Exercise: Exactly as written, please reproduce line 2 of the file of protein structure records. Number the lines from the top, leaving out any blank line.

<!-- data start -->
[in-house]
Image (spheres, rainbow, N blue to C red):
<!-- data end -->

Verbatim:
Image (spheres, rainbow, N blue to C red):